Does Awlaki belong to a terrorist group?
Though increasingly radical in his speech, Awlaki did not appear to be affiliated with any terrorist organization. In recent months, however, at least one communication attributed to Awlaki carried the insignia of Al Qaeda on the Arabian Peninsula. AQAP is a relatively new organization, formed after two Yemen-based Al Qaeda groups joined forces in January 2009. Its leaders, Nasir al-Wahishi and military commander Qasim al-Rimi, are considered Yemeni extremist leaders, according to the National Counterterrorism Center, a US government agency. But Awlaki may now be the most well-known member of the group, which for years focused its attacks within Yemen but now appears to be turning outward.
Educated, English-speaking, familiar with American culture, Awlaki has gained prominence as a global jihadist, using the Internet to try to spread his ideas – including inside America. "He is very fluent in his use of the Internet and e-mail" to communicate his "theological justifications for jihad," says Richard Fontaine of the Center for a New American Security in Washington. Facebook contains three sites that appear to be Awlaki's, including one with 155 fans. At least a dozen video postings of his sermons or other entries are on YouTube.
News reports cite unnamed US officials as saying Awlaki has moved from an inciting actor to an "operational" one who plans attacks and recruits people to carry them out. Any evidence supporting that claim, however, has not been made public.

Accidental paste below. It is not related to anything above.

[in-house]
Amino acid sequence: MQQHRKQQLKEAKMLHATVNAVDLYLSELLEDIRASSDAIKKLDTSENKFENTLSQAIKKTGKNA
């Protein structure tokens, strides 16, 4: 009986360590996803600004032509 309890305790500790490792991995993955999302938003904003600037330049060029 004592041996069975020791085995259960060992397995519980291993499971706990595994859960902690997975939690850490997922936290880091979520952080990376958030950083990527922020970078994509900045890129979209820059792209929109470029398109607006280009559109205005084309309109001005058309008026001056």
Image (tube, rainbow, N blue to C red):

Is Awlaki America's most wanted?
Rep. Jane Harman (D) of California, chair of a House intelligence subcommittee, recently called Awlaki "terrorist No. 1" in terms of the threat he poses to the homeland.
President Obama earlier this year took the unusual – and controversial – step of authorizing "capture or kill" operations against Awlaki, despite the cleric's standing as a US citizen. Predator drones flying over Yemen, where Awlaki is believed to be, are monitoring his prospective hiding places.
Yemen is quietly helping with the manhunt. But Yemen's leaders are careful not to appear to be doing Mr. Obama's bidding, so as not to lose credibility among Yemenis. Recently, Yemen's foreign minister said that if Awlaki is captured, he would be put on trial in Yemen, where he is also wanted, not extradited to the US.
While the US has signaled its urgent intent to take Awlaki out of circulation, analysts caution that there are many dangerous individuals urging and orchestrating violence against the US.
"There are a lot of creatures like him," says Steven Simon, a senior fellow at the Council on Foreign Relations, who served on the National Security Council under President Clinton. "There is so much inspiration for violence out there, it's hard to gauge his contribution according to some metric."